Why I became Catholic

The question recently arose as to why I became Catholic. I think there is an important unstated second aspect to that question: “instead of remaining Protestant.”

That second aspect is really the crux of the matter. Before I became Catholic—before I even contemplated the possibility of doing so—I ceased to be Protestant. It wasn’t that I became convinced of the arguments in favor of the Catholic Church and so left my Protestant home. It was that I became convinced that Protestantism’s epistemology does not work, and so I knew that I could not remain Protestant. At the outset I was flatly opposed to the idea of any movement towards the Catholic Church; it was the furthest thing from my mind. I simply knew at that time that I could no longer remain what I was. It was only later that I began to investigate the Catholic Church’s claims for itself, and only after prayer, and thousands and thousands of pages of reading, and months and months of investigation, that I concluded that I did indeed want to become Catholic.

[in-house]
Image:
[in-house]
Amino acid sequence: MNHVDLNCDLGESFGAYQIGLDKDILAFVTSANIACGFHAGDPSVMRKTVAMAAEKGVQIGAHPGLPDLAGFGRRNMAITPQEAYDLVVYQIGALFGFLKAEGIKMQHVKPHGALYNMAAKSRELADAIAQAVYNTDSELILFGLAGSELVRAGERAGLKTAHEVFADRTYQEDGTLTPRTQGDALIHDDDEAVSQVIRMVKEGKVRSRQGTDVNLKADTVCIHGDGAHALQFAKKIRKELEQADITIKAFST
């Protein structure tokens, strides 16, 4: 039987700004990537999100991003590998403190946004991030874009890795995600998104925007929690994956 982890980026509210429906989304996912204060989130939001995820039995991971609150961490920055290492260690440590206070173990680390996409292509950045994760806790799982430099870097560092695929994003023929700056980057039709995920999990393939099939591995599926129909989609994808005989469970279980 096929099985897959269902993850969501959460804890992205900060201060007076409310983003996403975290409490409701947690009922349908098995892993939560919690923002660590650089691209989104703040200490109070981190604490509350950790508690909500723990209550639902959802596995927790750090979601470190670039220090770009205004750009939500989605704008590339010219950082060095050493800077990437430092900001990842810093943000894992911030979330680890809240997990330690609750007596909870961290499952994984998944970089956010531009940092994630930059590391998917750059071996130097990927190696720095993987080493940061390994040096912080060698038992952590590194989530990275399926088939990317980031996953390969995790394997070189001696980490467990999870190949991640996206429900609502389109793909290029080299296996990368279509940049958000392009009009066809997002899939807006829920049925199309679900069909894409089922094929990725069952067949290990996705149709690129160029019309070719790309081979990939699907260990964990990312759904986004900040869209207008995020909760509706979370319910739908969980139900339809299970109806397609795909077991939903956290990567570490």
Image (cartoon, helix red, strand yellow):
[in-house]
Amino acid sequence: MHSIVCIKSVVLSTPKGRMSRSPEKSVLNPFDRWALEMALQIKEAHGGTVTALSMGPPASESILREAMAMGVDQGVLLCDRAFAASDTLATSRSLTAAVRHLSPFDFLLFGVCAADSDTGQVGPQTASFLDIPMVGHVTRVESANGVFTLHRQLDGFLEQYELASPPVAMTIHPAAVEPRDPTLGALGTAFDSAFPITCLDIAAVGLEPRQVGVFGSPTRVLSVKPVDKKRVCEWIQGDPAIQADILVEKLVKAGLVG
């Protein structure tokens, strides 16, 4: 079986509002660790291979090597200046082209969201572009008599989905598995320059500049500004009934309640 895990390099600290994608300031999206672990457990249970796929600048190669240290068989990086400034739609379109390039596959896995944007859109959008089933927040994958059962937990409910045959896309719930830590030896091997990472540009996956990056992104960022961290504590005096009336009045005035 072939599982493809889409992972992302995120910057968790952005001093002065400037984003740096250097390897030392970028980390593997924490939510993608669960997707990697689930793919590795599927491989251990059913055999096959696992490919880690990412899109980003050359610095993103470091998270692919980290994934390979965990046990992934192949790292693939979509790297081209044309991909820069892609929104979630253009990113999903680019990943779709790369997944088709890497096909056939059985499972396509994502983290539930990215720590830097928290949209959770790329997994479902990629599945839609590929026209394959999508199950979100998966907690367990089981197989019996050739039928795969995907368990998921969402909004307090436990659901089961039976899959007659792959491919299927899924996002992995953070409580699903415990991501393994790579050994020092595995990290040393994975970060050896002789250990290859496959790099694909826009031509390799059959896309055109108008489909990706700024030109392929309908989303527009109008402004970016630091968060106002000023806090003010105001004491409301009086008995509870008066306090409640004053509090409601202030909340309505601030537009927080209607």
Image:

So it wasn’t a question of swooning in the face of smells and bells (although those are nice, as I later found out); it wasn’t a question of the music (which is terrible in most parishes I’ve visited and in my own parish) or the general atmosphere (I’ve attended Mass in parishes where it is very good, but my own isn’t really anything special) or anything else that led me to think something like “Golly, our Protestant services can’t compare to this!” No. I wasn’t lured away by the attractions of the Church. Rather, I walked away from Protestantism because of its defects. I didn’t think that the Catholic Church had any attractions then; at any rate, it certainly didn’t attract me at the time.

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Posted in Apologetics, Fides et Ratio

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